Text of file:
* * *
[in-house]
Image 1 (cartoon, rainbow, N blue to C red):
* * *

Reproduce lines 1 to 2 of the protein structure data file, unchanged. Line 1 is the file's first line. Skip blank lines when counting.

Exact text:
[in-house]
Image 1 (cartoon, rainbow, N blue to C red):